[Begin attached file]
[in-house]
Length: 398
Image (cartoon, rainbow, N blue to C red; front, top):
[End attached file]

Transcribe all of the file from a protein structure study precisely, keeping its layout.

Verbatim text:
[in-house]
Length: 398
Image (cartoon, rainbow, N blue to C red; front, top):